This is a tough call for me, folks. As my friend here in town explained to me, others want to participate but want to know they are getting something we actually will need rather than guessing. I also know several of you have been following our family for almost 3 years now, and a few of you perhaps even closer to 10 years if you participated on Kazakhstan adoption groups long before blogs were invented. To me, you are part of my extended family in a way...a few of us are watching our children grow up together via the internet, despite the fact we may never have met in person, and you sure are not anonymous to me, nor am I to you. I have prayed for many, many of you as you wait for your Kyrgyz children to come home, I have actively tried to do every single thing I am capable of to help. I have spoken on the phone with some of you as you have weighed the pros and cons of adoption decisions. Yes, we truly are an extended family of sorts, aren't we?

But for us, it is not about "the stuff". It is 100% about relationship, community and love. And we have already determined we are wealthy enough to be philanthropists in our own right when it comes to those categories and our own "LaJoy Currency".

So how do I handle this? I had been thinking for awhile about asking you blog readers to mail us a postcard from your hometown as a "shower" of sorts, so I could one day show the girls how they had been carried in so many hearts for a very, very long time...for that is wealth, LaJoy style. Can you imagine them sitting down at a table a year or two from now, postcards from all over the world with messages of care and hope meant just for them? How cool would that be? I hope when I post that request that many of you will do it, as it would be very meaningful to all of us.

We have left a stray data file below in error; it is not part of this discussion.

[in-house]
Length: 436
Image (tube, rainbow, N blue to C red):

This is incredibly awkward and yet touching...that others care enough about us to want to show it in a tangible way. And yet, a part of me is so uncomfortable with it all, as we have already been given so very much that can not ever be repaid. I have thought about this for the entire week as each new situation has arisen, and yet over and over again it keeps coming up to the point where I can't ignore it anymore for fear of being rude to people whom I know care about us and only want to help. It is an unusual place for us to be in...accepting with no way of giving back. With friends in person, you can at least hope the chance will come where you can repay their kindness with a kindness of your own, even if it takes a few months or even years for an opportunity to present itself.

It seems obvious to me though, that God is talking on this one and I need to relent to some degree, to set aside pride and allow others to be involved should they want to even if I have my own misgivings about it. So maybe we can do this, and I can live with it. If you want to participate with Carrie, you can email her at cdelille@verizon.net , I have no idea what is going on and her sneak attack post (very creative Carrie! hahahaha!) was the first I knew of anything...but please, please keep it very small and more about the message of love, care and faith. It is that message that is what the girls and our family need more than anything. Remember the LaJoy Currency in all of this!!